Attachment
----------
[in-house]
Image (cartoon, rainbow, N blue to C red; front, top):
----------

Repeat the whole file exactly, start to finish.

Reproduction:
[in-house]
Image (cartoon, rainbow, N blue to C red; front, top):